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Dubai gears up for RMB internationalization

Updated: Nov 12,2014 9:49 AM     Xinhua

DUBAI — Dubai has set the marks to benefit from the globalization of the Chinese currency Renminbi (RMB), as stakeholders expect a windfall in RMB trade due to the emirate’s strategic location between East and West.

Speaking at the one-day New Silk Road RMB International Forum, organized by the Agricultural Bank of China (ABC), Essa Kazim, governor of the banking free zone Dubai International Financial Center (DIFC), said the interest in bilateral trade between Arab and Chinese companies is increasing significantly.

He quoted a HSBC survey which states that 33 percent of businesses in the United Arab Emirates (UAE) plan to conduct their operation in Renminbi, which literally means “people’s money”.

At the forum, ABC Executive Vice-President Li Zhenjiang said that the Chinese economy presented lots of opportunities for cross-border RMB investment, and such investments have gained global popularity.

“Now over 160 overseas banks have access to the China interbank bond market. Six countries and regions are granted RQFII ( Renminbi qualified foreign institutional investor) quotas.” RQFII are quotes which allow foreign institutional investors to use offshore RMB funds to invest in Chinese capital markets and interbank bond markets within the approved quota.

Besides the ABC, the other three top Chinese banks — Industrial and Commercial Bank of China, Bank of China, and China Construction Bank — are all equipped with the highest DIFC license category, which Kazim said gave proof that banks in China have trust into the DIFC and in Dubai as a trade hub that links Europe and Africa on the one hand, and Central Asia and the Far East on the other.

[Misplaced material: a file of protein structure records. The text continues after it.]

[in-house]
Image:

Li said Dubai was now on par with global financial centers like New York, London and Hong Kong, as the Gulf Arab emirate offered “an open economy, efficient management and advanced infrastructure. “

He said that in September, the ABC successfully issued Emirates bond worth 11 billion RMB on the Middle East’s only international exchange Nasdaq Dubai, “demonstrating the high passion and strong confidence of the Middle East market toward RMB products.” The ABC vice-chairman said since the bank set up a branch in the DIFC, its asset size has grown by 500 percent, “with over 70 percent denominated in RMB.”

Li believes that Dubai will be another RMB hub.

“By forming stronger synergies in systems, markets, products etc., Dubai, Shanghai and Hong Kong will join hands and enhance their global influence as international financial centers,” he said.

More than 300,000 Chinese nationals now live in the UAE, and over 4,000 Chinese firms have branches in the Gulf Arab state, according to Chinese general consulate in Dubai.

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